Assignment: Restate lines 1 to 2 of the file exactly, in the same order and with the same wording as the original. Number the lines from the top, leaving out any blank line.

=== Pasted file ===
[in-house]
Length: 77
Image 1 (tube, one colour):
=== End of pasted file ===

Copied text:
[in-house]
Length: 77